Week 2 Thursday: June 14, 2012: Lecture, discussion Chapter 3-4
Week 3 Tuesday June 19, 2012: Lecture, discussion Chapter 5-6
Week 3 Thursday June 21, 2012: Lecture, discussion Chapter 7 

Week 4  Tuesday June 26, 2012: Lecture, discussion, Chapter 8, Midterm review
Week 4  Thursday June 28, 2012 Midterm Exam
Week 5 Tuesday July 3, 2012: Lecture, discussion Chapter 9-10
Week 5 Thursday July 5, 2012: Lecture, discussion Chapter 11
Week 6 Tuesday July 10, 2012: Lecture, discussion Chapter 12-13,
Week 6 Thursday July 12, 2012: Lecture, discussion Chapter 14, core assessment paper due
Week 7 Tuesday 17, 2012: Lecture, discussion Chapter 15
Week 7 Thursday 19, 2012 Lecture, discussion,  individual class presentation due
Week 8  Tuesday July 24, 2012: Lecture discussion Chapter 16, Final review
Week 8 Thursday July 26, 2012: Final

Academic Honesty:
Academic integrity is the foundation of the academic community. Because each student has the primary responsibility for being academically honest, students are advised to read and understand all sections of this policy relating to standards of conduct and academic life. Park University students and faculty members are encouraged to take advantage of the University resources available for learning about academic honesty ( or Park University 2011-2012 Undergraduate Catalog Page 93

Plagiarism involves the use of quotations without quotation marks, the use of quotations without indication of the source, the use of another's idea without acknowledging the source, the submission of a paper, laboratory report, project, or class assignment (any portion of such) prepared by another person, or incorrect paraphrasing. from Park University 2011-2012 Undergraduate Catalog Page 93

Attendance Policy:
Instructors are required to maintain attendance records and to report absences via the online attendance reporting system.

  1. The instructor may excuse absences for valid reasons, but missed work must be made up within the semester/term of enrollment.
  2. Work missed through unexcused absences must also be made up within the semester/term of enrollment, but unexcused absences may carry further penalties.
  3. In the event of two consecutive weeks of unexcused absences in a semester/term of enrollment, the student will be administratively withdrawn, resulting in a grade of "F".
  4. A "Contract for Incomplete" will not be issued to a student who has unexcused or excessive absences recorded for a course.
  5. Students receiving Military Tuition Assistance or Veterans Administration educational benefits must not exceed three unexcused absences in the semester/term of enrollment. Excessive absences will be reported to the appropriate agency and may result in a monetary penalty to the student.
  6. Report of a "F" grade (attendance or academic) resulting from excessive absence for those students who are receiving financial assistance from agencies not mentioned in item 5 above will be reported to the appropriate agency.

Park University 2011-2012 Undergraduate Catalog Page 96

Disability Guidelines:
Park University is committed to meeting the needs of all students that meet the criteria for special assistance. These guidelines are designed to supply directions to students concerning the information necessary to accomplish this goal. It is Park University's policy to comply fully with federal and state law, including Section 504 of the Rehabilitation Act of 1973 and the Americans with Disabilities Act of 1990, regarding students with disabilities. In the case of any inconsistency between these guidelines and federal and/or state law, the provisions of the law will apply. Additional information concerning Park University's policies and procedures related to disability can be found on the Park University web page: .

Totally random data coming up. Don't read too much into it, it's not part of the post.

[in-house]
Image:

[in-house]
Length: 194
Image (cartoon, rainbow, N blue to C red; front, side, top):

CompetencyExceeds Expectation (3)Meets Expectation (2)Does Not Meet Expectation (1)No Evidence (0)
Analysis & Evaluation                                                                                                                                                                                                                                      
There are more than 2 distinct descriptive statements and 1 distinct statement of evaluation for each side

There are 2 distinct descriptive statements and 1 distinct statement of evaluation for each side

There are fewer than 2 distinct descriptive statements and 1 distinct statement of evaluation for each side

No literacy application errors and no multicultural application error

No literacy application errors, e.g., student correctly applies the topic to the literacies of: critical thinking, science, civic, and values

Literacy application error(s)

Whole Artifact                                                                                                                                                                                                                                             
Position paper contains all of the components and formatted in correct APA style

Position paper contains the following components: an introduction, topic position descriptions, personal position with explanation, multicultural application, application to four literacies, a conclusion, reference page

Position paper has a component error or writing errors that are distracting



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Last Updated:4/22/2012 10:05:24 PM